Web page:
Few filmmakers have had as much of an auspicious beginning to their career like Cooper Raiff has. Raiff first reached out to indie filmmaker Jay Duplass with a short film that he made, and was quickly taken under his wing. From this, he made his feature debut with Sh*thouse, a micro-budget film about an awkward college freshman struggling to adjust to his new surroundings, and the relationship he forms with his more outgoing RA. The film premiered at SXSW in March of 2020, and ended up winning the Grand Jury Prize. This was a bittersweet moment for Raiff, as SXSW had switched to a virtual format due to the rising number of COVID-19 cases at that time. But it garnered him lots of acclaim and attention, and quickly asserted him as a director to watch. Fast forward to now, where his second feature Cha Cha Real Smooth premiered at Sundance, which due to the Omicron variant, also had to switch to a virtual format. While Raiff can't seem to catch a break when it comes to seeing his work in person with a full audience, it seems that he might be heading towards similar success with this film, and may continue to thrive in these less than ideal circumstances.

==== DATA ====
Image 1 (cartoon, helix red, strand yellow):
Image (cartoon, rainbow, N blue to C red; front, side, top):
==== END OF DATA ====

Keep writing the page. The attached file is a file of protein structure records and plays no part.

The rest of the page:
While his first film tackled the struggles of adjusting to college life, this film focuses on life after graduation. Fresh out of college, Andrew (played by Cooper Raiff himself) moves back in with his mom and stepdad and seeks to make something of himself. He manages to find steady work as a party starter for Bar Mitzvahs, and in the process, meets Domino, a young mother, and Lola, her autistic daughter. Andrew and Domino quickly develop a strong bond, and the film explores their desires to find a sense of stability. Both of them are searching for something to hold on to, and their chance encounter forces them to confront the paths their lives are heading down, and question whether or not it's the right choice.
This film captures the messiness that comes with post-grad life so perfectly, and as someone who graduated college not that long ago in the grand scheme of things, it hit pretty close to home. That wanting to have a job, a partner, and all the things that we have been told that adults should have by the time you graduate, is magnified the moment you get your diploma. This film understands that, and captures the weird limbo between college and adulthood so well. Much like in his debut, Raiff demonstrates a surprising amount of maturity and emotional intelligence in his storytelling, and creates something that is true to life and so indicative of a specific time in a person's life.